Boredom in children
Child psychologists, teachers and parents alike debate the pros and cons of how boredom manifests itself in children, and the value (or not) of it in their development. But this is one of those perpetual parenting dilemmas: advice is dished out but it's not always easy to apply in real life.
Because the truth is for most children there are just far fewer opportunities to be bored. To make our children reach this emotional state usually requires removing or banning something, be it the games console, computer, toy bucket, TV etc. They have far more stuff – both of the high and low tech variety – to occupy them. We got bored because there wasn't really anything to do!
Hand-in-hand with the boredom debate comes the one about extra-curricular activities. For parents with the financial wherewithal these days the children start while they're in nappies. If you're not swimming with them by six months, you're stunting their physical prowess; if you're not taking them to some form of baby music class, you'll be holding back their musical education... and so it goes.
The pressure only intensifies once they reach school age. Many a primary school now has a post-school timetable that's almost packed as that between 9am and 3.30pm and this doesn't let up at secondary. And even if you avoid the drama class, chess club, Kumon maths or extra French tuition, the most popular of childhood activities like football and ballet, take on an intensity and competitiveness at an alarmingly young age.
When I was young, I started playing hockey for the school at about age 11. Now, if your child hasn't been playing football in a team before this, then they'll have no chance of making the school squad. I started out with good intentions as a parent, determined to have 'free' weekends to just hang out with my kids, but as the kids got older it was a slow creep. The swimming classes on Saturday morning, soon followed by piano until I finally caved, accepted the inevitable, and Sunday morning football then completed the full set. Parents can, of course, opt out of this enforced leisure regimentation, but it's a strong person who swims against the tide of group-parent behaviour and the pressures of the playground. And the truth is, lots of these activities are great: they get really good sport coaching; get to hang out with their friends in a safe environment; go camping and learn new skills, or become proficient at something that would otherwise elude them.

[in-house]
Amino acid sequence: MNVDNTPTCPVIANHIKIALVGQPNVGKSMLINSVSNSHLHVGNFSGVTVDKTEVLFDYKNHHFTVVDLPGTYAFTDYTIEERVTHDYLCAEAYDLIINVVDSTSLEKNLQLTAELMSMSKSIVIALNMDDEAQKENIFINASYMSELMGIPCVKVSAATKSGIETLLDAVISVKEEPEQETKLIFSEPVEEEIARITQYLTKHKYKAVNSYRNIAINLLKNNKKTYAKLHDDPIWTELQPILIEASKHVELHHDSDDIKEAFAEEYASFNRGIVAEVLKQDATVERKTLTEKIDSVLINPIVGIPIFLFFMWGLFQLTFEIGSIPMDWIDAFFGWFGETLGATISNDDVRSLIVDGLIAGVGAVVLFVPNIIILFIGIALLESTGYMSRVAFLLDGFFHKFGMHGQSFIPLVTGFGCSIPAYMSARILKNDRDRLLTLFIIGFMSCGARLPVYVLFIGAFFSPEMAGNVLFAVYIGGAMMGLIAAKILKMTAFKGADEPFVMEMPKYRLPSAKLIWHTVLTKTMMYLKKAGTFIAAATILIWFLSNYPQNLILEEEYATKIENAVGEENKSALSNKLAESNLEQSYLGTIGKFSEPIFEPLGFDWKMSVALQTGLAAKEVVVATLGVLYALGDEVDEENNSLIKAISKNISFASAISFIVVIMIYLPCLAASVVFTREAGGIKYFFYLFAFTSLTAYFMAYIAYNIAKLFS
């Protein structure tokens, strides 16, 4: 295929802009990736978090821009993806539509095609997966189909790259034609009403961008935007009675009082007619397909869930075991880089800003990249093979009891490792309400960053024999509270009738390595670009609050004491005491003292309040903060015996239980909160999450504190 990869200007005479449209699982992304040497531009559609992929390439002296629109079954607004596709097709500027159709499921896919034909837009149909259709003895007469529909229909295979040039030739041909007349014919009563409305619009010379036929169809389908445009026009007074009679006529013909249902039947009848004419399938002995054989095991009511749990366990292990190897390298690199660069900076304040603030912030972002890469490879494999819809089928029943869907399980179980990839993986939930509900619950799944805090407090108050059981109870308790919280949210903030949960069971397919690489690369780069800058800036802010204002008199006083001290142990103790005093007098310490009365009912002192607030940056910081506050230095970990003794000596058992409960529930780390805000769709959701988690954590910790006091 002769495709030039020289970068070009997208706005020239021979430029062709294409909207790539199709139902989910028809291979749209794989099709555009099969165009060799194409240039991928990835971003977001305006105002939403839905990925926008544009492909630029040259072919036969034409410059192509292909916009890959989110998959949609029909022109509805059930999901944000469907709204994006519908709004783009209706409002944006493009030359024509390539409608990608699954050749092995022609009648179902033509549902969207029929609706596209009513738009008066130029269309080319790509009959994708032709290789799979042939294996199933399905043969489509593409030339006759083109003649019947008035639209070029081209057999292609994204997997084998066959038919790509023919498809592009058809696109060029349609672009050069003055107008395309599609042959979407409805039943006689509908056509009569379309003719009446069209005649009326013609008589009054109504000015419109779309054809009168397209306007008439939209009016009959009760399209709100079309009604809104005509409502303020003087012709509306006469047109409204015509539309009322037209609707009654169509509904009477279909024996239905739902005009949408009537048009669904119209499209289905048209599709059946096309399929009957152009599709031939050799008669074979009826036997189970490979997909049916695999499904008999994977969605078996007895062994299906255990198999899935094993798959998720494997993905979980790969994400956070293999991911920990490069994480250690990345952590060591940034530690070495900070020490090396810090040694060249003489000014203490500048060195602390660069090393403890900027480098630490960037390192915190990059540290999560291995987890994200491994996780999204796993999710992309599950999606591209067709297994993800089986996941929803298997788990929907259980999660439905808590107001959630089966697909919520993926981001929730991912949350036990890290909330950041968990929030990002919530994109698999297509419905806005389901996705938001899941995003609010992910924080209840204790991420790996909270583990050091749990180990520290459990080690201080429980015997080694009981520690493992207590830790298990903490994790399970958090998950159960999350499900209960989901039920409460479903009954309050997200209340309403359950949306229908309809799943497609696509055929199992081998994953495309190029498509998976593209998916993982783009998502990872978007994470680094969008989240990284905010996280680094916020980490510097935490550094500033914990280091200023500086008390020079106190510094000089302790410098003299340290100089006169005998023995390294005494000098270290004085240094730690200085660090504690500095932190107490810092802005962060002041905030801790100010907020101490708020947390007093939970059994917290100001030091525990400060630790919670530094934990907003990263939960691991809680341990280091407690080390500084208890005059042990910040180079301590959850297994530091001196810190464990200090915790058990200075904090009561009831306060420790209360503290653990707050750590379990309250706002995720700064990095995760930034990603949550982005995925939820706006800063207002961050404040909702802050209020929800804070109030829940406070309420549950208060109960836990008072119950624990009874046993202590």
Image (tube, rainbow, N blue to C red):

But are all these extra-curricular activities character building for our children? Or simply stress-inducing for the parents? Not only do they cost a lot, they also require transportation, supervision and often support. Research carried out by Family Investments among more than 400 parents in October 2013 found that more than half of their children did sports clubs, followed by a fifth doing dance classes or Brownies/Cubs/Scouts/Guides clubs. Only one quarter said their children didn't do any organised clubs or classes outside school hours.
"... it's a strong person who swims against the tides of group-parent behaviour and the pressures of the playground."
Financial and time commitment
The hours these various extra activities occupy varies, with the majority doing five or less hours a week. While 60% said they spend £10 or less per week, it means that 40% are spending more than £10, which isn't insubstantial given the pressures of household budgets for many families. Just over a third (36%) spend between £11 and £30 per week. My observation of these figures is that there aren't, or can't be many respondents with more than one child doing music lessons, as music lessons do not come cheap.
To be fair, the biggest stress for parents of curricular activities is often the time and the organisation they require. Depending on where you live and your working situation, parents can quickly feel their main role is that of driver rather than anything else. It requires a commitment from both parent and child.
So what happened to good old-fashioned playing outside with their mates, climbing trees or kicking a ball in the street? Fear took hold. Nine out of ten of those questioned said they played outside without adult supervision as kids but 65% of them said that they are scared to let their children do the same. This is perhaps the most disheartening of the findings. Our children have been given the freedom of the tyranny of boredom but not the freedom to roam.
Written by Jane Bainbridge
Note: Whilst we take care to ensure Hub content is accurate at the time of publication, individual circumstances can differ so please don’t rely on it when making financial decisions. OneFamily do not provide advice so it may be worth speaking to an independent financial adviser about your own circumstances.